Now the company is expanding its horizons beyond hotels and flights with the acquisition of Voyagin, a Tokyo-based tour planning startup.
The deal’s financial terms have not been disclosed, but Voyagin co-founders Masashi Takahashi and Tushar Khandelwal say Rakuten paid cash and now holds more than 50 percent stake. TechCrunch first profiled Voyagin a few months after it launched in late 2012 to provide tourists with offbeat tours hosted by local residents.
Now the site features over 1,800 activities and served more than 30,000 travelers over the past year. Its main markets are Tokyo, Kyoto, Okinawa, and Bali, but Voyagin is also eyeing expansion into the rest of Southeast Asia and China.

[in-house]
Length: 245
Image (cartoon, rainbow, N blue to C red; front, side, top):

Voyagin will allow Rakuten to increase its roster of travel offerings and serve more inbound travelers, since most of its users are currently domestic tourists. The company has 13 employees, but plans to use its new investment to grow its engineering, sales, and operations teams.
Travel to Japan has boomed recently due to the depreciation of the yen and relaxed visa policies for China, Thailand, Malaysia, Indonesia, and Vietnam. In April, Japan had almost 1.8 million foreign tourists, a 43.3 percent increase year-over-year. That number is expected to grow at an even faster rate as the country prepares for the 2020 Olympic Games.
The site will remain a separate brand but Khandelwal says it is working on integrations with Rakuten’s other travel properties.
“Rakuten is already the top OTA [online travel agency] in Japan, but it wants to cover all fields of being an OTA. It already offers flights and hotels, and Voyagin allows them to cover the last mile of this space,” says Khandelwal. “Rakuten is also interested in expanding its OTA in Asia. We’ve already started on our journey of becoming an Asian-based platform for tours and activities, so we can help them branch out.”